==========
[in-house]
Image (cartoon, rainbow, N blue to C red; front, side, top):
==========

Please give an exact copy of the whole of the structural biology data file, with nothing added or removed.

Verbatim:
[in-house]
Image (cartoon, rainbow, N blue to C red; front, side, top):